Twitter’s New $5M Revenue Sharing Program Gives Payouts To Far-Right Influencers

Twitter has started sharing advertising revenue with select users with large followings, with some of the initial $5 million in payouts going to far-right influencers.

Andrew Tate, who was recently released from jail and placed under house arrest on charges of human trafficking, rape and forming an organized criminal group, posted that he had been paid more than $20,000. Others reporting a range of payments (made via Stripe) included Rogan O’Handley (known online as DC Draino). “This is a nice turnaround from being banned by Twitter 1.0 for almost 2 years to now being paid to post Thank you @elonmusk,” O’Handley tweeted.

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The Washington Post had the first report about the recipients of the payouts.

The revenue sharing plan is part of a larger plan to prop up Twitter Blue, the paid-verification system whose problematic rollout has been one of the hallmarks of Elon Musk’s turbulent ownership of the company. Musk paid $44 billion to acquire Twitter last fall, declaring that rolling back the company’s previous restrictions on content would be a central priority. Only Twitter Blue or verified organizations with at least 5 million impressions on their posts in each of the prior three months are eligible for the revenue sharing program.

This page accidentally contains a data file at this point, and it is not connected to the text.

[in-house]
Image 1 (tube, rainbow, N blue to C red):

Patrick Traughber, a product exec at Twitter, tweeted that creators “are the lifeblood of this platform, and it’s great to see so many creators I follow getting paid.” He said the program will soon be expanded, though he did not offer any details. Linda Yaccarino, the former NBCUniversal ad exec who joined Twitter last month as CEO, retweeted Traughber’s message.

Tech giants have increasingly embraced the creator economy, especially with considerable headwinds gathering in the traditional advertising marketplace. In the social arena, Snap Inc. has been an active player, while Facebook last year added music revenue sharing. Spotify in 2022 declared its intent to become “the world’s creator platform,” initiating a shift away from high-priced talent deals and studio-produced podcasts.

YouTube is a longtime provider of revenue sharing payments, though it has encountered friction over the years with creators who chafe at the company’s terms. The video giant’s Shorts platform this year rolled out a revenue sharing program for creators, looking to lure more creators from rival TikTok.

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